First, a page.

2018 was a stellar year for streaming TV company Netflix (NFLX -0.95%). Revenue during the year soared 35%, driven by a 26% year-over-year increase in paying members and higher average subscription prices. With 2019 underway, it's a good time to check in on what management is saying about the company.

In Netflix's recent fourth-quarter earnings call, management shared plenty of insight about the company, including its thoughts on price increases, its plans for funding content, and how original productions are becoming more material to the customer experience.

Here are three key quotes from the earnings call.

A woman watching TV and eating popcorn

Image source: Getty Images.

How management thinks of price increases

Ahead of its fourth-quarter shareholder letter, Netflix surprised investors with an announcement of a major price increase in the U.S. that would affect every member tier. Representing the company's fourth-ever price increase, it's a good time to get an update on how management approaches price increases. According to Netflix chief product officer Greg Peters, the way Netflix goes about price increases is straightforward.

I think, the model we've got [for price increase] is a fairly simplistic one, where we think our job is to effectively invest the money that our subscribers give us every month so that we can give them incredible content and a better and better product experience. And if we do that well, we create more value for our subscribers and then occasionally, we'll come to them and we'll ask for a little bit more money, so that we can actually start that next cycle of investment. And so that's the overarching framework.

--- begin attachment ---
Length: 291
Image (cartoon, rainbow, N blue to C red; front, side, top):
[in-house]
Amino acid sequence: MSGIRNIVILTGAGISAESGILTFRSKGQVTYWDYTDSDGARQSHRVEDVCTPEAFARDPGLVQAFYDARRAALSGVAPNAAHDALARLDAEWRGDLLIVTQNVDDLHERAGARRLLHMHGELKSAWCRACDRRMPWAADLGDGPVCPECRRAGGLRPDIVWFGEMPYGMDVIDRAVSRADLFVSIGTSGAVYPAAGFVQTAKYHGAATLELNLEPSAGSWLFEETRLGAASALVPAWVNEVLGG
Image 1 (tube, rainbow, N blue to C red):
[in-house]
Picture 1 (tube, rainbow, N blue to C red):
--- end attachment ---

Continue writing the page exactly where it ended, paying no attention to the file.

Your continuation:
Peters also added that the company looks at engagement levels and other metrics to help inform exactly what prices should be.

Netflix wants to be self-funding... but not yet

Free cash flow for Netflix was about negative $3 billion in 2018. This was the result of the company transitioning more of its content to original programming, which requires more up-front investments that licensing from the second-run market.

For now, investors have been forgiving as Netflix regularly taps debt markets to fund its content expansion. As net member growth slows, however, investors may not be as forgiving. Fortunately, the company plans to generate enough excess cash in the future to no longer rely on debt markets. But don't expect this to be the case soon.

"[U]ltimately, our aspiration is to be self-funding," explained Netflix CFO Spencer Neumann, "and we believe we will do that over time with these content investments. In the interim, as we continue to access the markets, I don't foresee any change to our approach."

Netflix isn't as dependent on second-run content

Supporting the case for ongoing aggressive investments in original content, Netflix chief content officer Ted Sarandos said that today "the vast majority of the content that's watched on Netflix are our original content brands."

Indeed, if you were to list all of the company's content -- both original and second runs -- by viewing hours, originals would dominate both top 25 and top 50 lists, Sarandos said.

Check out the latest Netflix earnings call transcript.